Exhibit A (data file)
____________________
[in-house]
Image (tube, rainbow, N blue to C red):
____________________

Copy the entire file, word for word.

[in-house]
Image (tube, rainbow, N blue to C red):